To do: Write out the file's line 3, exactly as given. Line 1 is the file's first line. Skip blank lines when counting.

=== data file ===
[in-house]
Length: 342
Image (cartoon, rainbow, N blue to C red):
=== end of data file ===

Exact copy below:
Image (cartoon, rainbow, N blue to C red):